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9

It's no problem for the foam to loose the hot break, since that's made up of denatured (coagulated) proteins. Once the proteins have denatured they don't contribute to the head of the beer - they're insoluble and just fall out and sit at the bottom of the fermentor or keg. (This is covered in the podcast - Jon mentions not boiling the wort too hard to avoid ...


7

Fermcap-S is a silicone (Dimethylpolysiloxane) based emulsion that works by breaking surface tension. It has no effect on the finished product if used in the boil at designated dosage. If used in the fermenter, I have read that it will increase residual bitterness by ~10%. This is likely due to the compound binding to the yeast cells before the dissolved ...


6

I tried doing it for a couple years. I found it made no difference whatsoever to the beer quality so now I don't bother. The only valid reason I've heard for doing it is to help prevent boilovers on small kettles, but I find Fermcap far more effective for that.


5

In the fourth & final Brew Strong episode on high gravity brewing, Jamil, John, and Tasty touched briefly on using pre-1981 pennies in the boil to help provide minerals (Copper, Zinc) to the yeast to help them survive the stress of a big fermentation. (They mention it around the 30:00 mark.)


5

The FDA has recently decided that Fermcap S should be filtered before you drink your beer. Fortunately, there's Fermcap AT which is fine to use without filtering. Here's some info from Birko, which makes a product very much like Fermcap.. "Brewers should not use silicone-containing antifoam for unfiltered beers. The FDA allows active silicone to be ...


4

You can also lose hops as the liquid boils over, which could affect your final IBU's.


4

I don't. Mostly because I'm lazy, but I think it also serves as some extra nutrients for the yeast.


3

The effect that you are describing is that of adding a nucleation point (or site) to the kettle, as you said. A nucleation point provides a place for bubbles to form and release and will help to prevent boilovers. That being said, though, a penny (or a few pennies) will not have enough surface area to help a batch that large. At places that sell cooking ...


3

If you don't have a spray bottle or hose nearby, you can stir the wort with a big spoon or paddle and that will break up the foam. Just be careful not to burn yourself!


3

I've used FermCap in the last couple of batches. Seems to work great for preventing that initial boilover. It still gets foamy, but the foam dissipates much more quickly. Excellent in starters on the stove top as well. No noticeable effect in the finished beer. No problems with head retention, etc.


2

Similar to the spray bottle...I keep a glass of cool water nearby. If the foam starts rising I dump a little in. Settles things down nicely.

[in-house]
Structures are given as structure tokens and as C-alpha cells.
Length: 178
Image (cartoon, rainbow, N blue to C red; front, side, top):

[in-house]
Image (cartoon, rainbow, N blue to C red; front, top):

2

I keep a very close eye on the foam level during the first 10 minutes of the boil and am very ready to kill the heat if need be. Recently I've been boiling with my pot about 2" from the rim at the start of the boil and haven't boiled over... yet. Brewing on a gas range (as opposed to electric) really provides for a lot of control over the heat input. With ...


2

In my experience, a kettle addition of Fermcap does not eliminate the need for it in the fermenter. If you need it there, you have to add more.


2

Giant Pot I use a 20 gallon pot for a typical 12.5 gallon wort boil. Sometimes I have a spray bottle


1

Palmer recommends throwing a couple of copper pennies into the pot to prevent boilover. http://www.howtobrew.com/section1/chapter1-1.html


1

Fermcap S is far and away the best solution. Use as directed during the boil. You can also use it in the fermenter to prevent a large krausen from overwhelming your airlock, but you will need to adjust your IBU's as it will reduce hop utilization during fermentation. You can also add a drop or two to your starters to prevent boil overs when preparing them.


1

Adding a few hops before the boil starts will control the foam up. I add 3-6 pellets from my first bittering addition. I don't remember the science behind it (explained on Basic Brewing Radio), but something with the oils of the hops helps to reduce the foam. Also blowing on it......


1

I tried it and didn't find it to prevent boilovers.


1

In my first few batches I quickly learned that something doesn't go exactly right in almost every batch. Should be fine unless you have reason to believe you may have poisoned the beer. In my few short years homebrewing, I have yet to toss a batch or make one that is totally undrinkable. You've learned two important lessons. 1. Be careful with your ...


1

Since the hydrometer only broke in the sanitizing bucket, you're almost certainly fine. Boiling over, from my understanding, is going to happen to everyone from time to time. As far as the hydrometer, if you didn't get an OG calculation, you can always go to beercalculus.com and enter the recipe you used. It will give you an approximate OG based on your ...


1

When you broke your hydrometer, where was it? Any chance there could be glass in your wort? That would be my only concern right now. (I've been there, kinda. One of my homebrew buddies broke a thermometer with some sort of metal weights it in during our boil, ugh).



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